Original art work Francesco Ciccolella as published in New Scientist 16th October 2019.
I recently read an article on Psychology Today by Tasha Seister, she put the idea that coping skills don’t work as intended. As I thought about this notion I thought about coping skill and how they are often applied as a short term fix, to enable us in some way to form a bridge from one experience to a better one in the future. A way to just feel better. It seems reasonable that we all try to cope in some way or another in the hope that things may get better or back to “normal” sooner rather than later. Coping I suppose in the most part is at best a short term strategy employed with the hope that things will return to how they were. However when we think about change and how change works in our lives we know that things never really return to how they were. So if we think deeply about this strategy of coping we may begin to notice a pattern, that this short term strategy and as Tasha Seister argues maybe a form of avoidance that actually maintains psychological distress. So how does this play out in our daily lives? Just consider how much time and energy you spend involved in avoiding, or problem solving strategies of coping compared to how much energy you spend really being involved in really living and being engaged in the things you truely value. You may be surprised by the result. Just coping can consume a very large proportion time and energy and leaving little for living life the way you would like too.
So what happens when this short term strategy seems to get stuck and becomes our fallback position, our automatic response to our daily struggles? It seems that there is a lot of pressure to ’just cope, get on with it, being positive, trying not to be upset or feel unhappy‘. This can feel unrelenting and with little upside and often more downside. Like feelings of being overwhelmed and becoming more sensitive to ‘every little thing’ in life. It can build into a cycle where we feel like we have no control, having to spend more time and energy trying to fix the problems that now seem to crop up at every turn. A cycle of where problems seem to be reinforced by our thinking, worrying and ruminating and by coping strategies that don’t seem to ‘fix’ anything. Our problems often start to feel bigger and more overwhelming, adding strain and stress to our day and stretching our physical and mental resources. Which leave us feeling like our daily activities like work, home life and our relationships are less engaging or satisfying.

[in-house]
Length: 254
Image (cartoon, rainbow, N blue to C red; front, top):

A lack of success with ‘fixing’ problems tends to reinforce our idea that I have to get rid of or fix all these problems before I can get back to ‘normal‘ and start living again. Experiencing this endless cycle of coping, judgement, criticism, avoiding, evaluating on repeat is like digging in the sand, exhausting, not satisfying and unhelpful, but easy to get caught up in.
All this time and energy employed in the hope of feeling something other that what we are feeling. All that effort only to leave us feeling worse, unfulfilled and disconnected from what Is important for our life now. Trying to make changes by thinking about our lack of success with our coping strategies and problem solving efforts to date often leads us to the false belief that there must be something really wrong with us. Again we seem to get caught up in this thinking and head down the blind alley of attending to what doesn‘t make a difference to our lives, or more digging in the sand, which is just not helpful.
Acceptance and Commitment Therapy (ACT).
So if the latest covid-19 lockdown in Melbourne has you feeling like you are stuck digging in the sand with your thinking, your feelings or those uncomfortable sensations in your body and you feel it is time to try a different strategy. What's the alternatives? Maybe its time to put down the shovel and engage your energy in something that can actually make a difference?
Alternatively strategies to just coping are offered in Acceptance and Commitment Therapy (ACT), a third wave Cognitive Behavioural Therapy (CBT), which is show in the research to offer effective strategies and interventions that clients can adapt for there day to day life instead of digging in the sand.
The goal of ACT is developing psychological flexibility, a way of being in the word which involving six principles; acceptance, being present, cognitive defusion, self as context, values and commuted action. Clients involved in ACT learn to drop the struggle with their painful thoughts and emotions, change the way they see themselves and free up their energies to be fully present in their lives and do what matters.
So if you have decided it is time to stop digging and get some professional help, find someone who won’t settle with just providing you with coping strategies but a therapist who will help you with effective strategies to let you live your life now and into the future.
For and simple explanation and introduction to the principles of ACT check out this short YouTube presentation https://youtu.be/ScwXgqO_d7Y
Or alternatively you can call me on 0431212099 for a 15 minute phone consultation at no cost to you.
Francesco Ciccolella original art work, as published in New Scientist, 16th October 2019, Author Helen Thomson. Retrieved from https://www.newscientist.com/article/mg24432520-900-worried-about-the-future-the-science-behind-coping-with-uncertainty/#ixzz6wVkd2RFj
Image of Man digging a deep hole with a shovel. Video by avoodin. ID: 287911862. Retrieved from https://www.google.com/url?sa=i&url=https%3A%2F%2Fdepositphotos.com%2F287911862%2Fstock-video-man-digging-deep-hole